# Does electricity have weight?

The scientific definition of electricity is that it is measured in Coulombs. An “Electric Current” is a flow of electricity. Electricity is equal to charge.

Here’s a more popular and non-scientific definition of electricity: Quantity of electricity isn’t measured in colombs. Instead, it’s measured as Joules or KWh. Electricity is electromagnetic energy. “Electricity” is composed of electric and magnetic fields.

Another non-scientific definition is that electricity quantity can be measured in Watts. What is the Watts of electricity? In this case, electricity is the “rate of energy flow.”

Another is that “electricity” doesn’t have any quantity because electricity is both a class and a science field. There is also no quantity in Biology. We can’t have rainwater but not enough Weather. In this case, the flashlight *IS* electricity and the transistor is electronics.

What do you mean by “electricity?” According to the scientific definition of electricity, it is not an energy source. This means that electricity is only transmitted through power lines and never reaches your home. This also means that lightning or sparks are not electricity. They’re not examples Coulomb quantities.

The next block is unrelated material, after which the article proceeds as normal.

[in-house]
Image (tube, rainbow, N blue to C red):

Is a coulomb made of electricity weighty? Yes, and no. The atoms’ protons have about half the mass of the coulombs. The neutrons make up the remaining half. However, protons don’t have pure electricity. Electrons are closer than “pure electrons”, although they are not quite there. The electrons within a material are about 1/2000 of the protons’ weight, which means that they account for approximately 1/4000th of all objects such as wires or batteries. The wire’s “electricity” doesn’t weigh as much as the rest of the wire. It is lighter than feathers, styrofoam, or soap-suds. The electricity stops when the current drops to zero. Electricity can be thought of as a belt that can move or stop. However, the wire’s weight remains the same.

However, we can claim that electricity, which is not measured in coulombs, is a form energy if we disregard the scientific definition. To calculate the weight, we use the mass-energy equation (e=mc2). One joule of energy is equal to 1.11×10-17 kilograms. It is very small. A capacitor that contains one joule of energy will be slightly heavier than a charged capacitor. One gram of “electricity”, or EM energy, is equal to 25,000 megawatt-hours. This energy comes from a 22 kiloton nuclear blast.